CHARLOTTE, N.C. (Dec. 30, 2009) – Thousands of NASCAR fans across the country came out to support The NASCAR Foundation throughout the year, enabling the Foundation to raise and contribute $1.8 million in program services to nonprofit organizations across the country. A majority of the contributions went to affect the lives of children and families in need, especially in the areas of pediatric health, fulfilling “NASCAR Dreams,” education and community service.
The Foundation saw an increase in volunteer participation this year, in part due to a strong emphasis placed on community service through The NASCAR Foundation Volunteer Network – 10,000 NASCAR fans involved in community service projects. Record numbers of people came out to serve in their community this year, committing more than 10,000 hours to help those in need, including potentially saving 15,000 lives through The NASCAR Foundation Fourth Annual Blood Drive, raising enough funds to provide 250,000 meals to children and their families, raising awareness at the track about the importance of screening for breast cancer and collecting funds at the track that would enable over 150 kids to attend Victory Junction camp in Randleman, N.C.
“Thanks to the loyal fans of our sport, The NASCAR Foundation continues to fulfill – and exceed – our original vision for the organization,” said Foundation Chairperson Betty Jane France. “To be able to engage so many fans and to provide such a large amount in contributions is both exciting and gratifying. The Foundation is doing important work … meaningful work. We are extremely grateful for the fans’ support which makes that work possible.”
More than $350,000 was contributed this year to organizations with an emphasis on pediatric health, including pediatric cancer and trauma research. The work being done by organizations like The Jeff Gordon Children’s Hospital, the Childress Institute for Pediatric Trauma and Speediatrics is critical to helping children live longer and fuller lives.
The NASCAR Foundation also worked throughout the year to provide life changing experiences and educational opportunities for young people at the track. Throughout the season the Foundation worked with organizations to bring more than 400 kids to the track to get an inside glimpse to the sport, its personalities and learn about the engineering that goes in to putting a stock car on the track every weekend.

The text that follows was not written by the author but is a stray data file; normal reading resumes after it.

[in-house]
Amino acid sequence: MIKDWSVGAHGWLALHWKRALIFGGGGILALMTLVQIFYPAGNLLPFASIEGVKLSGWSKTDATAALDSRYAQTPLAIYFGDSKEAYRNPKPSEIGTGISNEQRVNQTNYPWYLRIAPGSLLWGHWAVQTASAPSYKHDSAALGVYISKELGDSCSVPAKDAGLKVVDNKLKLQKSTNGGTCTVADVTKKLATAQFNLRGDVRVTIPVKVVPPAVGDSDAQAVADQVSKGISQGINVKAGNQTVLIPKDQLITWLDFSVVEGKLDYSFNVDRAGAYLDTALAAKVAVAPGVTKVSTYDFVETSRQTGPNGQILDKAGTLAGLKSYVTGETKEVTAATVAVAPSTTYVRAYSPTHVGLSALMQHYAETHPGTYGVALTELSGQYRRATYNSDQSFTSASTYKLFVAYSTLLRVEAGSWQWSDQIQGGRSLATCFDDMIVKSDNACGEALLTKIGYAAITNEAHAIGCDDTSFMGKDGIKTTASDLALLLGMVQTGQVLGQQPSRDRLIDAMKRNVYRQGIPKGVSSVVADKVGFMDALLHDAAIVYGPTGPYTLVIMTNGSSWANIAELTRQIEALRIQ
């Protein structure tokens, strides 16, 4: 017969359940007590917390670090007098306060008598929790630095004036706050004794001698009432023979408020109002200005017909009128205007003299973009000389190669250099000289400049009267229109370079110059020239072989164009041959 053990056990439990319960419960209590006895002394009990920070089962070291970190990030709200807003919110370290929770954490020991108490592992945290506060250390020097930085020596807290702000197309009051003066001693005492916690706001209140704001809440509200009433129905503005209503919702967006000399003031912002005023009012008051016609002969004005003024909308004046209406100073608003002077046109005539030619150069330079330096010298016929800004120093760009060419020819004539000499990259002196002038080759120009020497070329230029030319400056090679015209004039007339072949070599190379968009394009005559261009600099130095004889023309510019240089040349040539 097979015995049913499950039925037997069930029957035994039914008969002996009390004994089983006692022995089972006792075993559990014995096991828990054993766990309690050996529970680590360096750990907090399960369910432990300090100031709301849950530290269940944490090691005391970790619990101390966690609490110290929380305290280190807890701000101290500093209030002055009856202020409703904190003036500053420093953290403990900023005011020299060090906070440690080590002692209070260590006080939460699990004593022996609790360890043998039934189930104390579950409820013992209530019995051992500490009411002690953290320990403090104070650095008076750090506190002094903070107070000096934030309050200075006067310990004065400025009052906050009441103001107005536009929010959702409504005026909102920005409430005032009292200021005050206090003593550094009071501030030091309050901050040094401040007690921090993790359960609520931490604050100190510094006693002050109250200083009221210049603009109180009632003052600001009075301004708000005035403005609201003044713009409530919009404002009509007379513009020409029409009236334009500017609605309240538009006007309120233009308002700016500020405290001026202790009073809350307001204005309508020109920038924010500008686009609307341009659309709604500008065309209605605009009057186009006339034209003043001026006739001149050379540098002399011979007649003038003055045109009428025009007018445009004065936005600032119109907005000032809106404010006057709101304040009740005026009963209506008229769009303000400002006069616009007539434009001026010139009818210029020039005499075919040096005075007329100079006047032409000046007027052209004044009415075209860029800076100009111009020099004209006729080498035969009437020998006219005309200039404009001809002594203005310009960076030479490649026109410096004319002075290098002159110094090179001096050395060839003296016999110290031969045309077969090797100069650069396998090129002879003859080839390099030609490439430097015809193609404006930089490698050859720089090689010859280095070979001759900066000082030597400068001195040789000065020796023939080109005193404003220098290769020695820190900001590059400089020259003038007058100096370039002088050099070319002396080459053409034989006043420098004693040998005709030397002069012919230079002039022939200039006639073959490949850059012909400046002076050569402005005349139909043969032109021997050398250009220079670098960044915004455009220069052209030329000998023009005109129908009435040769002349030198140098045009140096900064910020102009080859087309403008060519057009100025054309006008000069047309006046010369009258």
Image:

One of these groups was students from Phillip O. Berry High School in Charlotte, N.C. Through a NASCAR Day program, The NASCAR Foundation brought students from the school out to the track in May for a tour and meet and greet with 2009 NASCAR Day spokesperson Kevin Costner.
“The exposure that our kids got at the track really has motivated some kids to focus on their technical educational because now they see that if they can do what they need to do academically, then these doors will be open for them,” said Donald Fennoy, principal at Phillip O. Berry High School.
In May, Victory Junction added The NASCAR Foundation to the elite founder list for surpassing the $1 million-giving mark. Since its inception, The NASCAR Foundation has given more than $1.5 million to Victory Junction through a variety of fundraising means, including NASCAR Day. Collectively, those efforts have sent more than 500 deserving children with chronic medical conditions or serious illnesses to Victory Junction for a life-changing experience
For more information on The NASCAR Foundation’s 2010 projects or on the impact the Foundation made within the motorsports community this year, visit WWW.NASCAR.COM/foundation.
About The NASCAR Foundation
The NASCAR Foundation embodies the compassion of the NASCAR Family and our commitment to serving communities. The Foundation supports a wide range of charitable initiatives that reflect the core values of the entire NASCAR Family. The NASCAR Foundation will use the strength of the sport and its people to make a difference in the lives of those who need it most.
Credit: Amanda Pernitza. I’ve chatted with Amanda Pernitza through Twitter and Facebook, a common way a lot of NASCAR fans interact. ...
"Female fans normally know more facts about what's going on than men do anyway. I'd say they're a more intelligent fan, on top of that. They normally know more about what we've done than we know about what we've done."
~Tony Stewart in a Skirts and Scuffs interview
"You may be a woman who began watching Kasey Kahne because you thought he was cute, but now after watching you become intrigued by the competitiveness of it. You become a sports fan, which may not be the reason you originally got involved but it is now."
~Krista Voda in Skirts and Scuffs interview
"…there are female fans who take apart engines and will take you apart if you have a problem with that; who are drawn to the danger and mystery of the sport; who watch races on TV to witness pure passion and unscripted emotion; who love the camaraderie of these family-friendly festivals; who feel the nervous anxiety of the lip-biting wives atop the pit boxes."
~Andrew Giangola in The Weekend Starts on Wednesday